“Jeb, Neil, Marvin, Doro and I are saddened to announce that after 94 remarkable years, our dear Dad has died,” former president George W. Bush said in a statement.

Bush is survived by his five living children -a sixth child, daughter Robin, died of leukemia before her fourth birthday — and 17 grandchildren.

He died “at home in Houston surrounded by family and close friends,” family spokesman Jim McGrath told AFP.

Bush suffered from Parkinson’s disease and had used a wheelchair for several years. He had been in and out of hospital in recent months.

Funeral arrangements will be announced in due course, McGrath said.

The former president, a Republican, is expected to lie in state in the US Capitol and then be buried at his presidential library in Texas, where students held a candlelight vigil early Saturday, local media reported.

 


How ‘liquid of life’ is under threat in the Middle East

Updated 22 March 2019
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How ‘liquid of life’ is under threat in the Middle East

  • An increasing number of people in the region do not have access to clean water and basic sanitation
  • In 2015, there were more than 51 million people in the Arab region lacking access to basic drinking water services, and more than 74 million without access to basic sanitation services

DUBAI: World Water Day had somewhat of an abysmal feel to it across the Middle East this year, as the region witnesses a growing number of people with no access to supplies of the vital resource.

Although the issue of supply has always been critical for the Arab region, known to be one of the most water-scarce in the world, matters are only getting worse with a rise in refugees and the displaced.

“The freshwater scarcity situation is aggravated by several factors, such as dependency on shared water resources, climate change, pollution, non-revenue water losses from aging systems, intermittency, inefficient use, and high population growth,” said Ziad Khayat, first economic affairs officer in water resources in the Sustainable Development Policies Division at the United Nations’ Economic and Social Commission for Western Asia (ESCWA). “Occupation and conflict also affect people’s ability to access water and sanitation services. The Arab region is perhaps the only one in the world still experiencing direct military occupation.”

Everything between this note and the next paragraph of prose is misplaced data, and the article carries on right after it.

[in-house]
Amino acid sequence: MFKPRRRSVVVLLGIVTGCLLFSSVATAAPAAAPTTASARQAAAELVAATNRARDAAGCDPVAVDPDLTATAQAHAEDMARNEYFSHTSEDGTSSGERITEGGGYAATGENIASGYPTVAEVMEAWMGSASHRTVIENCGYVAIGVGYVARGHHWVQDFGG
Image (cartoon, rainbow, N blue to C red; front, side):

He spoke of the Israeli occupation of Arab territories, which affects access to water resources and the ability of countries to properly manage and provide required water and sanitation services, with a ripple effect on food security, health and development. “Armed conflict in the region has resulted in the destruction of the water and sanitation infrastructure, hampering the provision of safe drinking water and sanitation,” he said. “In response to shortages, households resort to unregulated water vendors relying on compromised resources, such as unprotected wells. In addition, damaged wastewater systems have resulted in river waters and shallow wells becoming contaminated.”

Water shortages and electricity outages have rendered many health care facilities non-functional, while vulnerability to the outbreak of waterborne diseases, particularly for people living in conflict-affected countries, has greatly increased. “The systemic conditions affecting the Arab region’s water security are not expected to improve in the near future,” he said. “In fact, climate variability and change are projected to impose additional pressures, with adverse impacts on the quantity and quality of freshwater resources in an already water-scarce region, affecting its ability to ensure food security, sustain rural livelihoods and preserve ecosystems.”

A higher frequency and intensity of floods, droughts and extreme weather is being experienced in many countries, which aggravates the situation of vulnerable communities and has led to economic losses and environmental degradation in several parts of the region. “The region has a high population growth rate and is one of the most urbanized in the world, with more than 58 percent of the population now living in cities,” Khayat said. “It has witnessed significant and uneven urban transformations, with some countries undergoing rapid wealth generation, others confronting economic challenges, and several afflicted by conflicts that have led to major displacement and migration of large sections of the population.”